The amazing climate scientist Jim Hansen, author of Storms of my Grandchildren, also came up with a suggestion for reducing fossil fuel use. Instead of "cap and trade" carbon taxation, which has been adopted and failed, he advocated a "fee and dividend" fossil carbon tax which would return all the money collected to the population on a per capita basis. One obvious objection to this is that the population will just spend all the money on fossil fuel. Another problem is that controlling elites will not particularly want to set up a scheme which tends to take more from the rich and give much of it to the poor with no cut for them. However, there is enthusiastic grass roots support for the idea of such schemes. Eventually, a revenue-neutral greenhouse gas (GHG) tax did get set up in British Columbia, and it is argued by supporters to serve as a test case for Hansen's fee and dividend approach. A report written by Kamanoff and Gordon in December 2015 claimed to demonstrate that the British Columbia tax had worked in comparison with the rest of Canada. Normally, one would expect such a document to use massaged figures, unfair comparisons, inappropriate sophistication, and similar such usual tricks of deception to present a conclusion fitting with the desires of its writers. In this case, the most conspicuous features included removal of electricity from the analysis and the attention given to comparison with the rest of Canada.
My graphs 1 and 2 shown here use data supplied by Kamanoff and Gordon and include electricity.
Graph 1: Per capita GHG emissions of British Columbia and the rest of Canada.
My graph 1 shows that GHG emissions in British Columbia (and the rest of Canada) had been tending to decline until the introduction of the tax. In British Columbia the tax started in July 2008 and was increased each year thereafter. Graph 1 might be argued to show that the increase in taxation was accompanied, after a short delay and once it had reached a significant value, by a slight general trend for GHG emissions to also increase. This is, of course, the opposite of what is supposed to happen.
Graph 2: Comparison between per capita GHG emissions of British Columbia and the rest of Canada.
My graph 2 allows the relationship between British Columbia emissions and those of the rest of Canada to be examined in more detail. (A fixed offset has been included to allow comparison of change over time, because the rest of Canada always emits higher.) Graph 2 could be argued to indicate that the increasing tax is associated with a general trend towards higher comparative GHG emissions. Again, this is the opposite of what is supposed to happen.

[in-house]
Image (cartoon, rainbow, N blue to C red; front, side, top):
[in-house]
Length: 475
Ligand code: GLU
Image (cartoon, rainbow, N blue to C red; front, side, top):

So, what went wrong?
Why didn't the tax seem to work? If it could work anywhere, surely any province with access to Canada's low fossil electricity should have a good chance. One answer is that the period studied was too short and perhaps the tax too gentle for any impact or lack of it to be detected reliably.
Why do the results claimed by Kamanoff and Gordon appear to be the opposite of those suggested by my graphs? The most obvious possible explanation is that Kamanoff and Gordon wanted to show the tax as working in order to boost support for campaigns advocating introduction of similar taxes worldwide.
Why might anyone campaign for a tax that won't work, or attempt to pretend that a tax is working if it is not? I would suggest the answer to this is the same answer to all the similar questions that should be asked about why people campaign for or focus on all sorts of other things that won't work to reduce climate change. Examples are divestment, other taxes like cap and trade, blaming of oil companies and governments and people in other countries, local currencies, ineffective electricity generation technologies, tokenistic behaviour, and so on, and on, and on. All those things we have invented in order to avoid facing our own responsibility.
In a few more years, when more data has come in, no doubt Kamanoff and Gordon or someone similar will produce another report that claims, again, to demonstrate how climate change can be tackled by bribing us with our own money to reduce our emissions. As if, for some reason, we have to wait to be bribed.
Storms of My Grandchildren: The Truth about the Coming Climate Catastrophe
and Our Last Chance to Save Humanity
British Columbia's Carbon Tax: By The Numbers
A Carbon Tax Center report
Charles Komanoff and Matthew Gordon